Circular walk from Beddgelert
This is a beautiful, enjoyable and not too strenious (well moderate) circular walk from Beddgelert. The walk goes along the exciting Pass of Aberglaslyn, then up the hill overlooking Beddgelert, before droping down sharply to the lake Llyn Dinas, and finally making it’s way back to Beddgelert, via the Sygun Copper Mine.
This walk gives an excellent taster to Snowdonia – part scenic gorge walk, part upland boggy moorland with glimpses of Wales’ mining heritage and with beautiful views across the valley to the mountains around Beddgelert. It is perfect to escape from the tourist trap of Beddgelert, or if you want to avoid the higher mountainous areas (due to weather or fatique!)
Circular walk from Beddgelert
|Time Taken||3.75 hours|
|Max Height||957 ft|
|Min Height||109 ft|
|Height Gain||1345 ft|
I have done this walk about six or so times now – and I am still not bored of it. For some reason I always start from the main car park in Beddgelert (£3 for half a day or £5 for the day off the top of my head!), perhaps so I am sure of a pub at the end, but you can also start the walk from a car park near Nantmoor.
Beddgelert (meaning Gelert’s grave) is, at peak, jammed full of tourists – for good reason as it is picturesque, with a pretty bridge over the river Colywn, and there are plenty of pubs, cafes, and hotels. The Beddgelert tourism site claims that “Beddgelert is undoubtedly Snowdonia’s loveliest village” (something backed up by the Snowdonia Guide) – and do you know what, I would probably agree.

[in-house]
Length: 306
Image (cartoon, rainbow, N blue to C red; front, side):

There is a wonderful legend relating to Beddgelert – something I was blissfully unaware of until a chatty old chap on the hilltop told me my dog was like Gelert. The legend is that Gelert was a dog, owned by Llywelyn the Great – Prince of Gwynedd, who is supposed to be buried nearby (hence Gelert’s grave). This trip was the first time I have actually visited the grave, where there is a memorial plaque:
‘In the thirteenth century, Llywellyn, Prince of North Wales had a palace at Beddgelert. One day he went hunting without Gelert,’the faithful hound’, who was unaccountably absent. On Llywellyn’s return the truant, stained and smeared with blood, joyfully sprang to his master. The prince, alarmed, hastened to find his son and saw the infant’s cot empty, the bedclothes and floor covered with blood. The frantic father plunged his sword into the hound’s side, thinking it had killed his heir. The dog’s dying yelp was answered by the child’s cry. Llywellyn searched and discovered his boy unharmed, but nearby lay the body of a mighty wolf, which Gelert had slain. The prince filled with remorse, is said never to have smiled again. He buried Gelert here.’
What a wonderful story (I can just imagine my dog doing the same), but it is of course complete rubbish. The story has Celtic origins, and was embellished by an eighteenth century innkeeper of the Goat Hotel, David Pritchard, eager to foster the tourist trade and it was he who was responsible for the grave (the actual Gelert is likely to be a Celtic Saint). The Goat Hotel is still in Beddgelert and, for the record, serves a very nice pint of Guinness!